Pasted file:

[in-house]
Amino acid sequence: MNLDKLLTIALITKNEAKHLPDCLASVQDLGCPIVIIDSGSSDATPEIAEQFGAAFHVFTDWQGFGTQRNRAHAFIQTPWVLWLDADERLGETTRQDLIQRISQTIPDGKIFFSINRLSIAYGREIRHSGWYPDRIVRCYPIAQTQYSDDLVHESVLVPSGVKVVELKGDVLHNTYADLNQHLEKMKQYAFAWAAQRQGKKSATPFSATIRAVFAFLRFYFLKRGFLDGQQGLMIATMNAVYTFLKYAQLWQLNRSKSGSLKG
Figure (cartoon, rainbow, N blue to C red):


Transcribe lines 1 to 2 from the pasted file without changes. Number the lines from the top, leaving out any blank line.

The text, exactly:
[in-house]
Amino acid sequence: MNLDKLLTIALITKNEAKHLPDCLASVQDLGCPIVIIDSGSSDATPEIAEQFGAAFHVFTDWQGFGTQRNRAHAFIQTPWVLWLDADERLGETTRQDLIQRISQTIPDGKIFFSINRLSIAYGREIRHSGWYPDRIVRCYPIAQTQYSDDLVHESVLVPSGVKVVELKGDVLHNTYADLNQHLEKMKQYAFAWAAQRQGKKSATPFSATIRAVFAFLRFYFLKRGFLDGQQGLMIATMNAVYTFLKYAQLWQLNRSKSGSLKG